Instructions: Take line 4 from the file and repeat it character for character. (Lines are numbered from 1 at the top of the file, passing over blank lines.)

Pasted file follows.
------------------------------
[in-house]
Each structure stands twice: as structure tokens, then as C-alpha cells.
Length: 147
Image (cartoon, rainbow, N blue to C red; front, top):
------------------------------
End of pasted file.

Image (cartoon, rainbow, N blue to C red; front, top):